Back before UL revision 9 came out the NetCom values read 0 to 7. 0 being the best and 7 the worst. After the UL Revision 9 changes the NetCon values changed to 5 to 7. 5 is the best 7 is worst. A NetCom 5 is needed to pass a fire inspection. The detailed explanation is below.
A Subscriber developed before the UL 864 9th Edition Compliant models calculate NetCon differently than the later. Edition 9 compliant Subscribers begin at firmware version 2.6+. The firmware version features typically follows all models. If another model is released with a version 2.6+ or higher, it would include the basic Subscriber functions as any other at that version with specific model variations added as needed. Version 2.6+ was designed to operate in a MultiNet environment and still be able to use NetCon 5 to indicate at least two unique paths exist in the current Routing Table all the way to the MultiNet Receiver/7705i.Earlier firmware than 2.6 was developed around the Single RF head end receiver concept, where they would report their NetCon as 0 if the #1 ID in the Routing Table was reporting a Link Layer/Level (LL) of 0.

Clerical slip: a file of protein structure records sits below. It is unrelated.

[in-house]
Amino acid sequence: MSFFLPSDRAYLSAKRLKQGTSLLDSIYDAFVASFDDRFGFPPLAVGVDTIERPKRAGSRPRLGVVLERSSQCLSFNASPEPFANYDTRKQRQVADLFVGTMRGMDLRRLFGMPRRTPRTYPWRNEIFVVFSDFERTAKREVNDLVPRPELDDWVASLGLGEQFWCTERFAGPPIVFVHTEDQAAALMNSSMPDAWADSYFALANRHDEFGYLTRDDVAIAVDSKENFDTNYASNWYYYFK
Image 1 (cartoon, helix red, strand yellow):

RF Head End devices such as the 7003, 7703 or a 7170 IP-Link, are the only devices that can report LL as 0. A pre-V 2.6 Subscriber would report itself as a NetCon of 0, because the ID at the top of the list is a LL 0. In other words, if the #1 ID in the list is the single Stand Alone Receiver, it reports NetCon as 0.A V 2.6+ or higher does not report a NetCon of 0 with a LL as 0 in the #1 position. This prevents the reporting of NetCon 0 when a single IP-Link is at the top of the list. Two IP-Links are required to establish a NetCon of 5. Two IP-Links would in fact constitute two unique paths all the way to the 7705i. A third IP-Link would provide three unique paths, but NetCon would still be calculated as 5 adhering to the Edition 9 algorithm’s rules.